During my 17 hours at the polls there was a lot going on. I arrived at Dunbar Elementary at 5:30 am however all of us (including another observer, the nine poll workers, three precinct judges and one equipment technician) stood outside until 6:20 (in the raining cold) waiting for the janitor to let us in the building. The day was off to a rocky start. At least 10 people showed up between 6:30-7:01 a.m. to vote and only 5 people waited to vote, 4 people said they would return (and they did) and one lady said there was no way she could make it back.
The poll workers and judges were appreciative of me being there to insure they were following the updated rules for voting. We had two major issues at the beginning: 1) Can a person vote if their Ohio license did not match the address in the voter roll book. Once I showed the poll workers the rule that they were allowed to vote, we didn't have that issue anymore. 2) Can a person vote provisional ballot at any precinct. We debated about this fact, but once I showed the poll workers in their manual that they could ONLY vote provisional in their precinct or at the Board of Elections, we didn't have that issue anymore.
One precinct judge turned a voter off because of her nasty tone when telling the voter that she couldn't vote, because she didn't have identification. The voter was of Latino background didn't speak English very well. I informed the voter that she could vote a provisional ballot, because her name was in the voter roll book. I also brought over a poll worker who spoke Spanish, however the woman was offended by the nasty poll worker and refused to vote.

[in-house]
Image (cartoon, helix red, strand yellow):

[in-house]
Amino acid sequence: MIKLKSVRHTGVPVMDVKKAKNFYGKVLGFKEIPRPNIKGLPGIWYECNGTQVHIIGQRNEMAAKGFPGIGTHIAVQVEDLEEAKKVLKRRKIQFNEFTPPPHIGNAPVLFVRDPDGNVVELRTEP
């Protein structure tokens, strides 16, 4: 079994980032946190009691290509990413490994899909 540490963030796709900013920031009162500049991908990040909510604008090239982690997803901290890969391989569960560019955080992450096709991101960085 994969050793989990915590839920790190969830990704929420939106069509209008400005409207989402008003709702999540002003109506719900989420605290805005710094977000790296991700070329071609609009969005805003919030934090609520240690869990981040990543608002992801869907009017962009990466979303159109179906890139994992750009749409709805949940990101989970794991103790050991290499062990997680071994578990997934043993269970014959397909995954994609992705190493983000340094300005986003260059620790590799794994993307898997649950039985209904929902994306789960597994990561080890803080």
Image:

Lastly, our polling place was under a federal court order to remain open until 9:00 p.m.. However, our last voter came to the polling place at 7:25 pm and the only action after 7:30 was a poll worker who almost went into a diabetic coma. The poll worker had not taken her second insulin shot because she hadn't eaten for hours. She thought that she would be home by 8:30 p.m.! Overall, I must commend the polling location I was placed because the poll workers and precinct judges were sympathetic and kind to the voters. They were for the most part helpful and they didn't mind my presence during the day.
A couple of suggestions I have would offer: require a back up so that more than one person has a key to open the polling place in the morning and there should be Spanish prompts on the voting machines. At the polling place I observed on the near West Side of Cleveland over half of the voters spoke Spanish and at least 1/3 of those voters needed someone to translate the ballot.
Posts by Northeast Ohio Coalition for the Homeless staff and Board.